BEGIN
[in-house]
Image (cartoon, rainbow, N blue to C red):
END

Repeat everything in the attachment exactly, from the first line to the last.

[in-house]
Image (cartoon, rainbow, N blue to C red):